A 1-star review of Yelp’s advertiser agreement

Yelp’s advertiser agreement combines some of the worst elements of Yellow Pages, Aol and cell phone agreements. As with many such agreements, it’s very lopsided in Yelp’s favor. (See my analysis of the similarly lopsided Groupon merchant agreement.)

Yelp charges merchants who buy advertising for impressions, much like Yellow Pages companies. Like cell phone agreements, there is a minimum term with a hefty early termination fee. And like Aol, the service continues indefinitely.

The local-reviews company is on the road to an initial public offering; the IPO is scheduled to price on or about March 1, 2012. Yelp is in its quiet period and did not respond to a request for comment on this story.

Here’s my analysis of the key points in the merchant agreement. I am not a lawyer, but I’ve negotiated many agreements in my product management and business development roles.

No impact on Yelp’s organic results. Although a common perception among merchants is that Yelp runs an extortion racket, Yelp makes it very clear in its advertiser agreement that buying advertising doesn’t affect its organic listings or order of reviews:

The Site allows consumers to post reviews about businesses like Client’s. The Site employs automated software to help it showcase the most relevant and reliable reviews while suppressing others. Client’s purchase of Yelp Ads will not influence the automated software, or otherwise allow or enable Client, directly or indirectly, to remove, alter or reorder the reviews on the Site.

I haven’t been able to find any credible evidence of Yelp salespeople claiming that buying advertising would improve a business’s ranking or delete bad reviews.

The only quibble I have with this section is that it’s not in all caps like other important sections of the agreement. It’s in Yelp’s best long-term interests to be clear as possible about this.

No guarantee of the quality of impressions. Yelp doesn’t promise anything about where your ads will run:

YELP SPECIFICALLY DISCLAIMS ALL WARRANTIES AND GUARANTEES REGARDING (I) THE PERFORMANCE, QUALITY AND RESULTS FOR THE SERVICE, (II) CLICK RATES, CONVERSIONS OR OTHER PERFORMANCE OR RESULTS FOR THE SERVICE, (III) THE ACCURACY OF THE INFORMATION THAT YELP PROVIDES IN CONNECTION WITH THE SITE OR YELP ADS (E.G. REACH, SIZE OF AUDIENCE, DEMOGRAPHICS OR OTHER PURPORTED CHARACTERISTICS OF AUDIENCE), (IV) YELP’S ABILITY TO TARGET ADS TO OR IN CONNECTION WITH SPECIFIC USERS, TYPES OF USERS, USER QUERIES, OR OTHER USER BEHAVIORS, (V) THE ADJACENCY OR PLACEMENT LOCATION OF YELP ADS, AND (VI) AN AD IMPRESSION’S QUALITY, TIMING OR THE NUMBER OF AD IMPRESSIONS DELIVERED.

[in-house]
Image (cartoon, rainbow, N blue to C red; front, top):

Even with a Yellow Pages buy, you know what category you’ll run in and in what city your ad will appear. Based on this agreement, if you’re a plumber in Chicago, Yelp could run your ad for someone looking for a dentist in Seattle.

I haven’t seen anything that egregious in practice, but I’ve seen plenty of impressions that are completely useless and not worth buying.

Automatic renewal. It’s the “forget about it” business model. After the initial term, the Yelp advertising renews on a month-to-month basis. Because of the sizable termination fee, merchants are unlikely to cancel shortly after the agreement begins. (When they are most attuned to how ineffective Yelp advertising is.) By the time renewal rolls around, the cost will be built into the cost of running the business and forgotten about. Yelp can terminate the agreement whenever it wants.

Changes to the product. “As it develops new advertising features, Yelp may from time to time replace any of the foregoing features with features of substantially similar value.” Yelp can change the product you bought — after you bought it and during the contract term. Even in cell phone agreements, if there is a material change, that gives you the option to terminate your agreement without penalty.

Indemnification. Like Groupon, Yelp requires the small business to indemnify it in certain scenarios. This is ridiculous.

Such terms are common among large companies. Let’s say Apple is licensing software from Acme Corp. Apple would want to protect itself in case Acme was violating someone else’s patents. Acme would cover any liability and lawyer’s fees related to intellectual property claims on its software.

But when the power relationships are so skewed, it doesn’t make sense. In practice, I don’t expect this clause to ever come into play in the types of relationships Yelp has with local advertisers. But it’s another sign of how skewed the agreement is. Small businesses buy products and services more like consumers than big corporations; it’s likely that very few of them will even read the agreement.

Overall, the agreement reinforces my view that Yelp is running on an old-line business model as advertising is rapidly moving toward having accountability and being sold based on performance.

To be fair, it’s extremely unlikely that running an ad on Yelp will bankrupt your business or cost you tens of thousands (which can happen with Groupon or LivingSocial). But it’s also not going to help it.

The only scenario I could think of where I would recommend Yelp advertising at its current rates is if it were running an extortion racket.

Rocky Agrawal is an analyst focused on the intersection of local, social, and mobile. He is a principal analyst at reDesign mobile. Previously, he launched local and mobile products for Microsoft and AOL. He blogs at http://blog.agrawals.org and tweets at @rakeshlobster.

Small print image via ShutterStock


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